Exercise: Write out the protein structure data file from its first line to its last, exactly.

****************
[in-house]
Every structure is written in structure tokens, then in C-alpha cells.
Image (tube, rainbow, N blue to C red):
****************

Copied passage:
[in-house]
Every structure is written in structure tokens, then in C-alpha cells.
Image (tube, rainbow, N blue to C red):